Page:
This feeling is overpowering because Our Share Of Night privileges the position of the reader and understands how literary horror should function; it lets us in on just enough of its secrets, it shows us some of what is hidden from its characters, and this knowledge, like Hitchcock showing us a ticking bomb, creates an almost unbearable atmosphere of dread when, in the novel’s final section, that perspective is removed, and everything we know is possible, all of it terrible, seems to be lurking in the next sentence we’re about to read.
In that sense, Our Share Of Night functions explicitly as a series of nightmares. I don’t mean that as a metaphor, I mean it literally; in the book’s supernatural moments, which lurk behind every locked door, Enriquez’s writing feels like “dream logic” where time slows down, becomes inescapable, presses down on the characters, where landscapes transform, where horrors arise and disappear, rife with meaning, but unable to be fully understood, relentlessly and without respite. While reading, I found myself unable to talk about this book, not because of its complexity, but for fear I would diminish its meaning by describing it in my own “waking” language when, instead, it had activated my imagination in a way that felt like I was dreaming. As a reader, I found myself returning to sentences in order to distinguish what was on the page versus what was happening in my own imagination, which had been activated to new levels of paranoia and fear.
And as we experience these pages as a lucid nightmare, carried forward by this deeply resonant power throughout the book, it is also clear that, in the world of Our Share Of Night, The Darkness and its power are real. It is not a magical delusion, the book doesn’t play games with its world building, it is all real; the literal disfigurement of society and its people, forever marked by the lust for a secret and violent power. This the atmosphere of the novel, tying its historical reality to its timeless, otherworldly violence. Here, on these pages, the nightmare is made both literal and dreamlike.
Argentina’s horrors and those of the cult converge, echo, and rhyme; the Darkness consuming limbs and people, hidden prisons and torture chambers, anonymous buildings that hide terrible secrets behind their anonymous doors, and the unconscionably brutal collusion among the powerful to “disappear” people, to murder them, without consequence or justice or a full possibility of understanding which, in the end, brings us to an absence, the ultimate horror of Our Share Of Night. People vanish and die, become palpable absences, and for what purpose? The vanity of the elite, the eternal continuation of their injustice, the cycle of exploitation, all of it without any real meaning. And there, in this realization, we come to understand the “why” of this brutality clearly— it is done because it can be done. In the end, none of it can be undone, it can only end in a perpetual void, allowing the past to linger on, to hang, suspended and airless, irreconcilable.
* I had never seen a photo of Isabel Perón until after I read this novel and was reading up on the junta and the so-called “Dirty War”, and it turns out she is the EXACT image in my mind’s eye of the character of Mercedes in this book. I mean, EXACT. Which I am sure will now haunt me forever. Crazy!!!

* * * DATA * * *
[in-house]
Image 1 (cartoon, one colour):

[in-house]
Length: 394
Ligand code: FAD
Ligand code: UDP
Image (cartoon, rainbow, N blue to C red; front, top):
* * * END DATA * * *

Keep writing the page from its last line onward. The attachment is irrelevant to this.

** Friends, the continued availability of “helicopter ride” T-shirts should be a wake up call to everyone in this country as to the actual intentions of the contemporary right wing. These are not benign memes, but like so many right wing “jokes”, an explicit, direct threat that is based on the terrible history of state murder. And yet.
*** It should of course be said that this campaign of terror was part of a region-wide program of so-called “anti-communist military government” called Operation Condor, which included Pinochet’s Chile and which was covertly (but enthusiastically) supported by the United States government. And so, to read this book as an American is to understand the role our nation played in facilitating and supporting these horrors– nourishing them with resources, publicly ignoring them, never accounting for them, and actively working to keep them secret.
**** The colonial origins of the Cult of The Darkness in the novel are fascinating and tie into the history of political power within Argentina, the socio-economic privilege of European immigrants in Argentina, and the 19th century English cult The Hermetic Order of The Golden Dawn, but are also a perfect framework for a historical examination of the brutal exploitation of people and resources by the elite classes, all of which is too much for this review to address meaningfully, but upon which this book does a brilliant job of building historical context for the cult’s dark power.
***** It also bears mentioning that this is a deeply Gen X novel, one that points a clawed finger squarely at the selfish brutality of older generations who cling to what they have inherited, revel in cruelty, and who are obsessed with defeating mortality and perpetuating their hold on social power at any cost (but especially at the cost of others). The arrogance and resentments at the heart of the cult are not just historical, but symptoms of our contemporary reality, driven by greed and the exploitation of the young by the old; there are moments that call to mind Pasolini’s anti-fascist film SÁLO, aligned with that film’s deep understanding of the dynamics of inter-generational brutality.